To keep your 3b curls looking their best, it’s important to avoid using heat on them. Instead, try using lightweight products that won’t weigh your curls down. Layering in hydration is also crucial to keeping your curls healthy and bouncy.

Recommended Products:

For Type 3b curls, we recommend using a leave-in conditioner, a curl-defining cream or gel, and a gentle shampoo and conditioner. Look for products specifically designed for curly hair and containing natural ingredients like coconut oil, shea butter, and aloe vera.

In conclusion, Type 3b curls are a beautiful and unique hair type that can be easily styled with the right products and techniques. By following these tips and using the recommended products, you can keep your curls looking healthy, defined, and full of volume.

Type 3c

curl type 3c
Curl Type 3C

Type 3c curls are tightly packed corkscrew ringlets with the most volume among type 3 curls. These curls are prone to dryness and tangles, so proper moisturization is key. Type 3c hair is more prone to frizz and loss of curl definition due to the open cuticle and the hair’s natural oils having a harder time traveling down from the roots. To care for type 3c curls, it is important to use a moisturizing shampoo and conditioner, deep condition regularly, and use leave-in conditioners and styling products to help define and maintain curls.

I have found that using a satin or silk pillowcase and avoiding heat styling tools has helped reduce frizz and keep my wife’s curls healthy and defined. Remember to embrace and celebrate your unique curls, and have fun experimenting with different products and techniques to find what works best for you.

Type 4a

Type 4a curls are characterized by tight, small, kinky curls that are naturally dry and can range from fine to coarse. These curls have a visible curl pattern and require significant moisture to stay healthy. To keep Type 4a hair hydrated, it’s recommended to use creamy humectants as leave-in treatments and curl-defining custards or gelee for twist-outs and braid-outs.

Slippery moisturizing products are great for detangling, and stronger hold products can help capture the curl for a wash-and-go style. With proper care and styling, Type 4a curls can be molded, sculpted, and texturized in many ways.

Type 4b

Type 4B curly hair is characterized by its small, zigzagged pattern, often accompanied by compressed and s-shape coils. This hair type is naturally dry and can range from fine to coarse texture. One common challenge for those with 4B hair faces is maintaining moisture, as it is most vulnerable when wet. Conditioning the curl is key both in the shower and post-shower.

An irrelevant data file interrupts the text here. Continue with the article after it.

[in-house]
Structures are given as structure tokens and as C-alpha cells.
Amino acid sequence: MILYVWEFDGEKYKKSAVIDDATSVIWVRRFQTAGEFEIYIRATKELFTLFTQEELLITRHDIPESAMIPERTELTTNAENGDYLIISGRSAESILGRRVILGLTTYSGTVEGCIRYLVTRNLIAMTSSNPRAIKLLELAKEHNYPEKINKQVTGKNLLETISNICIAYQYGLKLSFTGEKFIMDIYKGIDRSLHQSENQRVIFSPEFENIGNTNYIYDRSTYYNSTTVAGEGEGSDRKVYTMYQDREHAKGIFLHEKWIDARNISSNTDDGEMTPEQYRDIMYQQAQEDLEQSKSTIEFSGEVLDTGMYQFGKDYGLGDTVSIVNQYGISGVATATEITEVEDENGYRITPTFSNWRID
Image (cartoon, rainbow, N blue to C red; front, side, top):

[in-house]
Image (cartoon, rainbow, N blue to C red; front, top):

To keep your hair healthy, it is recommended to use gentle shampoos and conditioners, such as Alaffia’s EveryDay Coconut shampoo and conditioner, which are crafted with virgin coconut oil and no artificial colors or synthetic fragrances. Additionally, using a rich leave-in conditioner, such as Pattern Leave-In Conditioner, can help nourish your hair. With proper care, 4B hair can lend itself to various styles and tolerate a range of products.

Type 4c

curl type 4c
Curl Type 4C

Type 4c curls are the kinkiest and coiliest of all hair types. The zigzag curl pattern is so dense and fine that it may be hard to see individual strands without stretching each strand out. Type 4c hair requires the most moisture and benefits greatly from extra hydration. Heavy butters like Melanin Hair Care Twist Elongating Style Cream work well to maintain moisture.

Type 4c hair is versatile and can be worn in many different natural hairstyles. To care for Type 4c hair, use slippery moisturizing products to help with the detangling process and provide hydration. For styling, a stronger hold product like a curl-defining custard or gelee can stretch the coil safely for twist-outs and braid-outs.

How to Identify Your Curl Type

Identifying your curl type is essential to understanding how to care for and style your hair. The curl type system focuses on three types: wavy (Type 2), curly (Type 3), and coily (Type 4). Each type is further classified into subtypes A, B, and C based on the width or diameter of your wave, curl, or coil. For example, Type 2A has tousled, beachy waves that sit close to the head, while Type 2C has waves that begin at the root in a more defined S shape throughout the hair, with more body and volume.

To determine your curl type, observe your hair’s natural texture, examine the shape of your curls, and consider factors like humidity and product usage. Remember that most people have more than one type of pattern on their head so that you may have a combination of kinky, coily, wavy, and curly. Once you’ve identified your curl type, you can care for and style your hair accordingly.

For example, Type 3 curls need extra moisture and gentle handling to prevent frizz and breakage, while Type 4 coils benefit from regular deep conditioning and protective styling to retain moisture and prevent damage. Embrace and celebrate your unique hair pattern, and experiment with different products and techniques to find what works best for you.